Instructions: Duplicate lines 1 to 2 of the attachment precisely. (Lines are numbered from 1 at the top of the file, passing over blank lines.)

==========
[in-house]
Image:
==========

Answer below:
[in-house]
Image: